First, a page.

Diabetes and depression are a two-way street, study says

Depression and type 2 diabetes are closely related, doubling difficulties for people coping with both conditions. It makes intuitive sense that someone diagnosed with a serious illness such as type 2 diabetes might feel depressed about it. In the same way, it’s easy to imagine that people who are depressed might be less active and gain more weight, which are two risk factors for type 2 diabetes. Researchers from Harvard who followed a large group of women before they developed either illness found that a woman who had one was more at risk for the other.

An Pan of the Harvard School of Public Health led a group that observed more than 65,000 women over age 50 who were enrolled in the Nurses’ Health Study. Starting in 1996, the participants answered questionnaires asking, among other things, if they had depression or diabetes.

After 10 years, they found that women with depression were about 17 percent more likely to develop diabetes, even after the researchers accounted for the women’s physical activity and body mass index. Women who were taking antidepressants had a 25 percent higher risk of developing diabetes compared with women who did not have depression.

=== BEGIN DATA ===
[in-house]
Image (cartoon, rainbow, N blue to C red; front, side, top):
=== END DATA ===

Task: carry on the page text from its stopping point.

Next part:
Read the full article at Boston.com.


This blog is for informational purposes only and should not be a substitute for medical advice. We understand that everyone’s situation is unique, and this content is to provide an overall understanding of substance use disorders. These disorders are very complex, and this post does not take into account the unique circumstances for every individual. For specific questions about your health needs or that of a loved one, seek the help of a healthcare professional.